Our trip to New Mexico was really nice. After we spent a day each at Petroglyph National Monument and Chaco Culture National Historical Park, we drove up into the mountains to visit Bandelier National Monument. My mama told me that she and her family used to camp there often when she was my age.
The main part of Bandelier is in Frijoles Canyon. (That means Beans Canyon- isn't that silly?) The walls of the canyon are made of compacted volcanic ash, called tuff. The rock is really soft, which is why there are so many holes and depressions in the walls. The Ancestral Puebloan people used the holes as places to live- you can tell where they were because the roofs are blackened from the smoke of their fires.
My family did the Main Loop Trail. It's a bit over a mile long and you can buy a trail guide in the park's bookstore.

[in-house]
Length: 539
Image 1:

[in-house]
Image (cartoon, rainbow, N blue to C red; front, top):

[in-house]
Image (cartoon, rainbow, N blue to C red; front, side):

You walk through the bottom of the canyon and then climb about through some of the cavates in the canyon walls. Cavates are the holes in the canyon walls- they're like tiny caves!
Visitors can climb ladders into some of the higher caves. Here I am looking down from a cavate onto Tyuonyi Pueblo below. Wouldn't it have been a beautiful place to live? When the Ancestral Puebloan people lived here, they grew the Three Sisters- corn, beans, and squash. Yum!
After we wound past the ancient homes, the trail goes through a little forest by the Frijoles Creek. There was a big flood not long ago, so there were downed trees everywhere. There were also places where you could see big piles of brush all gathered up around the bases of the trees. The damage was so bad that half of the parking lot isn't usable anymore, which is sad.
At the end of the trail, I went back to the park bookstore. There, a friendly ranger swore me in as a Bandelier Junior Ranger. As always, I promised to explore, learn, and protect our nation's park areas.
Bandelier was a great park to visit. I hope I can go back someday with friends. If you'd like to learn more about Bandelier National Monument, visit nps.gov/band!
16 hours ago